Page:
From Wikipedia, the free encyclopedia Delbert Martin Mann, Jr. (January 30, 1920 – November 11, 2007) was an American television and film director. He won the Palme d'Or (Golden Palm) at the Cannes Film Festival and the Academy Award for Best Director for the film Marty. It was the first Best Picture winner to be based on a television program, being adapted from a 1953 teleplay of the same name which he had also directed. Mann is also the only director other than Billy Wilder and Roman Polanski to win an Oscar for his direction and a Cannes Palme d'Or for the same film. From 1967 to 1971, he was president of the Directors Guild of America. Mann was born in Lawrence, Douglas County, Kansas, the son of Ora (née Patton), a civic worker and teacher, and Delbert Martin Mann, Sr., a college professor. Mann graduated from Vanderbilt University in Nashville, Tennessee. After school, he served with the U.S. Army Air Corps in WW II, then got discharged after service in the European theater. He then attended Yale Drama School, and graduated, followed by work in theater and eventually, TV and movies. He was married to Ann Caroline Mann from 1941 until his wife's death in 2001. Mann died from pneumonia on November 11, 2007 at a Los Angeles hospital. Description above from the Wikipedia article Delbert Mann, licensed under CC-BY-SA, full list of contributors on Wikipedia.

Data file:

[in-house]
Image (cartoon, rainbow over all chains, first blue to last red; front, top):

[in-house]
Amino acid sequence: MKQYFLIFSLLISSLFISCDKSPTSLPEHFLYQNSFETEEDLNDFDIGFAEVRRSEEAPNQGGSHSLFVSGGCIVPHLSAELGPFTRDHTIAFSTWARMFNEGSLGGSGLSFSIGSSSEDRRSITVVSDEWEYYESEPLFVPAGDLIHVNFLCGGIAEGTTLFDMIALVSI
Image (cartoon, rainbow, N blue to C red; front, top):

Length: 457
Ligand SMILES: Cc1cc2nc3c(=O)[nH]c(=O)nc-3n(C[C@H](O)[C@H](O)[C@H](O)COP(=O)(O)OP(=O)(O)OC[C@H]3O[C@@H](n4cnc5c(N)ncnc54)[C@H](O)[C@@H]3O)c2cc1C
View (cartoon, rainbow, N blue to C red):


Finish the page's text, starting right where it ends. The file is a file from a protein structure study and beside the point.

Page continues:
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|Movie||Geschundenes Zelluloid - Das Schicksal des Kinoklassikers "Im Westen nichts Neues"||Himself||1984-01-01|
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